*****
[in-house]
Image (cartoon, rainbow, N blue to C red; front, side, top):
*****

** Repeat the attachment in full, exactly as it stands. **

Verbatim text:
[in-house]
Image (cartoon, rainbow, N blue to C red; front, side, top):